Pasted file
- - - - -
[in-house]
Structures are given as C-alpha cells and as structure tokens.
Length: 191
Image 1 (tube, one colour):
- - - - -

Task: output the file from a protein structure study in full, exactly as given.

[in-house]
Structures are given as C-alpha cells and as structure tokens.
Length: 191
Image 1 (tube, one colour):